Usefulness of the Pelvic Examination in 1st Trimester Vaginal Bleeding

16 Oct
October 16, 2017

Background: First trimester vaginal bleeding is a common complaint seen in the emergency department.  Patients are obviously stressed about the possibility of miscarriage while providers are stressed about missing diagnoses such as ectopic pregnancies.  There have been multiple studies questioning the interrater reliability of the pelvic examination. A more important question however, is does the pelvic examination provide any benefit to these patients by enhancing management and decreasing morbidity?

What They Did:

  • Prospective, open-label, randomized, equivalence trial in pregnant patients presenting to the ED
  • No pelvic exam vs pelvic exam only after an ultrasound confirmed IUP

Outcomes:         

  • Primary Composite Outcome at 30 days: Unscheduled return, subsequent admission, emergency procedure, transfusion, infection, and alternate source of symptoms)
  • Secondary Outcome:
    • ED throughput time
    • Patient experience survey

Inclusion:

  • ≥18 years of age
  • English speaking
  • Vaginal bleeding or lower abdominal pain
  • Positive pregnancy test
  • <16 week intrauterine pregnancy (IUP) by ultrasonography

Exclusion:

  • Pelvic exam performed before consent and randomization
  • Admission to the hospital
  • Known history of cervical carcinoma
  • Current pregnancy because of in vitro fertilization
  • Suspicion for heterotopic pregnancy
  • Reported heavy vaginal bleeding (soaking of > 10 menstrual pads in 24 hours)
  • Hemodynamic instability (SBP < 90 mmHg or pulse rate > 110 beats/min)
  • Report of or suspicion for penetrating vaginal trauma
  • Intrauterine device in place
  • Clinical suspicion for an alternative syndrome requiring pelvic examination (i.e. appendicitis, PID, or torsion)
  • Reported sexual assault
  • Prisoner
  • Previous enrollment in the trial
  • Inability to follow up by telephone

Results:

  • 202 (of planned 720) patients enrolled

  • The difference in primary composite outcome was driven by unscheduled return visits to the ED: 13.7% (no pelvic exam) vs 18.0% (pelvic exam)
  • Patient reported feeling uncomfortable or very uncomfortable:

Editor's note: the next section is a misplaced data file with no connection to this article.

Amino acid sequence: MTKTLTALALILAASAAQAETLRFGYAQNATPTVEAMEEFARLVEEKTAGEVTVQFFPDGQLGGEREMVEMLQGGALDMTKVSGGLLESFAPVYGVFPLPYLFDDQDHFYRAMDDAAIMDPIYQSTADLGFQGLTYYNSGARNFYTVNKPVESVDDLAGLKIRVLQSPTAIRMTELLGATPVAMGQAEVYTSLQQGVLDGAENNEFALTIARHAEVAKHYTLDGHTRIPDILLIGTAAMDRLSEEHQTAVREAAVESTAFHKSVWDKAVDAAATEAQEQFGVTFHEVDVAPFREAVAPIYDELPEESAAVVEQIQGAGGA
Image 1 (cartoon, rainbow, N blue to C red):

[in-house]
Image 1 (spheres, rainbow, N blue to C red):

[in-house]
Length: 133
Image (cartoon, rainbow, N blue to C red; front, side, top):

• No pelvic exam performed: 11.2%
    • Pelvic exam performed: 23.7%
    • 95% CI -23.0% – -2.0%
  • No statistical differences in ED LOS or perceived thoroughness of care.

Strengths:

  • Largest prospective randomized study looking at the utility of the pelvic exam in the ED
  • First study with 30 day follow up outcomes
  • Only lost 17 patients to follow up

Limitations:

  • Convenience sample of patients, therefore potentially missing several patients with 1st trimester vaginal bleeding
  • Ultrasonography performed by radiology or in the ED under the supervision of an ultrasonography credentialed EM physician (Neither of these may be an option at some facilities)
  • This study did not have adequate sample size to reach statistical power (Required 720 participants and were only able to register 202)
  • Only patients with ultrasound confirmed IUP were enrolled in this study (i.e. Patients with indeterminate US results or clearly identified ectopic pregnancies were excluded)
  • Obviously, not possible to blind patients, providers, or research assistants to pelvic exam vs no pelvic exam
  • Used a composite primary endpoint instead of individual morbidity endpoints

Discussion:

  • Interesting point brought up in the paper. Of the 178 women who refused enrollment into the study, 74 (42%) did so because they did not want a pelvic exam, whereas only 4 (2%) refused because they wanted a pelvic exam
  • In many facilities, a pelvic exam is performed before ordering a pelvic ultrasound. The pelvic exam can aid in finding alternative diagnoses of bleeding other than miscarriage and ectopic pregnancy (i.e. cervical carcinoma, vaginal lacerations, etc…).

Author Conclusion: “Although there was only a small difference between the percentage of patients experiencing the composite morbidity endpoint in the 2 study groups (2.4%), the resulting 90% CI was too wide to conclude equivalence.  This may have been due to insufficient power. Patients assigned to the pelvic examination group reported feeling uncomfortable more frequently.”

Clinical Take Home Point: Although the evidence is starting to mount against the usefulness of the pelvic exam in the ED, this study was not powered to detect a difference in performing vs not performing a pelvic exam on morbidity outcomes.  This paper should not change your practice of performing a pelvic exam in 1st trimester vaginal bleeding, as alternative diagnoses may be missed.

References:

  1. Linden JA et al. Is the Pelvic Examination Still Crucial in Patients Presenting to the Emergency Department With Vaginal Bleeding or Abdominal Pain When an Intrauterine Pregnancy is Identified on Ultrasonography? A Randomized Controlled Trial. Ann Emerg Med 2017. PMID: 28935285

For More Thoughts on This Topic Checkout:

Post Peer Reviewed By: Anand Swaminathan (Twitter: @EMSwami)

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Salim Rezaie

Emergency Physician at Greater San Antonio Emergency Physicians (GSEP)
Creator & Founder of R.E.B.E.L. EM
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1 reply
  1. Jeremy Rohrlich says:

    Glad to see that this inadequately powered study was actually published. Publication bias has resulted in a ton of misinformation. Also helps us learn how to do better research. Thanks for sharing!

    – Jeremy Rohrlich MD

    Reply

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